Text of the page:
Encourages the development of a strategic planning process for the implementation of programmes and projects of ICOM's National Committees and Regional Organizations, that will consider the resources, opportunities, weaknesses and needs of their area of activity in the human, technical, economic and communication aspects, leading to coordinated action for the benefit of museums, of museology and the communities which they serve.

Resolution no. 2: Protection of the Cultural Heritage during Armed Conflict

Noting Resolution No. 9 of the 9th General Assembly held in Munich, Germany, in 1968, in which ICOM expressed its concern about the danger to the cultural heritage of various countries arising from armed conflict;

Recalling Resolution No. 2 of the 17th General Assembly at Quebec, Canada, which recognised inter alia, that the destruction of the cultural and natural heritage due to hostile action required urgent attention and which proposed that ICOM find ways to provide moral and material support to National Committees and museum professionals affected by such disasters, by developing an emergency action plan in close cooperation with relevant organisations;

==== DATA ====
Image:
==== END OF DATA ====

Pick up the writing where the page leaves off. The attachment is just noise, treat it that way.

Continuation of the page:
Recalling that ICOMOS has proposed the establishment of the Blue Shield organisation to help provide such emergency assistance, and that ICOM is supportive of this concept and has, within its membership, the capacity to provide specialist advice and assistance in relation to the safeguarding of museums and collections;